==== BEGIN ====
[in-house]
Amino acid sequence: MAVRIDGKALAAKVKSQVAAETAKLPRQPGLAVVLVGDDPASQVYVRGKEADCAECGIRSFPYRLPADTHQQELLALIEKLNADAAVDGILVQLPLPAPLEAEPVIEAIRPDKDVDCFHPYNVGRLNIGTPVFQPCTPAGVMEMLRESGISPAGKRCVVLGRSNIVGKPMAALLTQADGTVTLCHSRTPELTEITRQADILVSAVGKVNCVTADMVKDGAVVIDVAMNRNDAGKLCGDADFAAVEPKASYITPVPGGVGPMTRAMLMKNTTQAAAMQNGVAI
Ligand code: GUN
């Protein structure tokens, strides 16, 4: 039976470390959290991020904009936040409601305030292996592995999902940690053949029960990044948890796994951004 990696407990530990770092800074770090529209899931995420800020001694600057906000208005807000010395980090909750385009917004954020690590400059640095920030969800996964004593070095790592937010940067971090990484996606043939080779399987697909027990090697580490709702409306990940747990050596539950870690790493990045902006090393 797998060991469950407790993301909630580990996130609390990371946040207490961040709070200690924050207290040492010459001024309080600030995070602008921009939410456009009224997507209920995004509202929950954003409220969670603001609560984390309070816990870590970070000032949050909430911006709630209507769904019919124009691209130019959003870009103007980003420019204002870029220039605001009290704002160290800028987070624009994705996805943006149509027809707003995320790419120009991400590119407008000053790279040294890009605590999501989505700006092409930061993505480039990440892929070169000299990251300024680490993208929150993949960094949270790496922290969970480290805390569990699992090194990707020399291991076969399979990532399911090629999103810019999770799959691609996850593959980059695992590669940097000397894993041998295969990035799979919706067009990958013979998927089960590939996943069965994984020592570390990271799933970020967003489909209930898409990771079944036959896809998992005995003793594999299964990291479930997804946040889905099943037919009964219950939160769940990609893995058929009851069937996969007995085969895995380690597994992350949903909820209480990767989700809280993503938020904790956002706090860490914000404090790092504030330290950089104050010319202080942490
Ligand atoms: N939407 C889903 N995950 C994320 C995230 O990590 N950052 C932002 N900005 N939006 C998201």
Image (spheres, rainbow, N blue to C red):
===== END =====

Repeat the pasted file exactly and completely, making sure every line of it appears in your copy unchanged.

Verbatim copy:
[in-house]
Amino acid sequence: MAVRIDGKALAAKVKSQVAAETAKLPRQPGLAVVLVGDDPASQVYVRGKEADCAECGIRSFPYRLPADTHQQELLALIEKLNADAAVDGILVQLPLPAPLEAEPVIEAIRPDKDVDCFHPYNVGRLNIGTPVFQPCTPAGVMEMLRESGISPAGKRCVVLGRSNIVGKPMAALLTQADGTVTLCHSRTPELTEITRQADILVSAVGKVNCVTADMVKDGAVVIDVAMNRNDAGKLCGDADFAAVEPKASYITPVPGGVGPMTRAMLMKNTTQAAAMQNGVAI
Ligand code: GUN
């Protein structure tokens, strides 16, 4: 039976470390959290991020904009936040409601305030292996592995999902940690053949029960990044948890796994951004 990696407990530990770092800074770090529209899931995420800020001694600057906000208005807000010395980090909750385009917004954020690590400059640095920030969800996964004593070095790592937010940067971090990484996606043939080779399987697909027990090697580490709702409306990940747990050596539950870690790493990045902006090393 797998060991469950407790993301909630580990996130609390990371946040207490961040709070200690924050207290040492010459001024309080600030995070602008921009939410456009009224997507209920995004509202929950954003409220969670603001609560984390309070816990870590970070000032949050909430911006709630209507769904019919124009691209130019959003870009103007980003420019204002870029220039605001009290704002160290800028987070624009994705996805943006149509027809707003995320790419120009991400590119407008000053790279040294890009605590999501989505700006092409930061993505480039990440892929070169000299990251300024680490993208929150993949960094949270790496922290969970480290805390569990699992090194990707020399291991076969399979990532399911090629999103810019999770799959691609996850593959980059695992590669940097000397894993041998295969990035799979919706067009990958013979998927089960590939996943069965994984020592570390990271799933970020967003489909209930898409990771079944036959896809998992005995003793594999299964990291479930997804946040889905099943037919009964219950939160769940990609893995058929009851069937996969007995085969895995380690597994992350949903909820209480990767989700809280993503938020904790956002706090860490914000404090790092504030330290950089104050010319202080942490
Ligand atoms: N939407 C889903 N995950 C994320 C995230 O990590 N950052 C932002 N900005 N939006 C998201």
Image (spheres, rainbow, N blue to C red):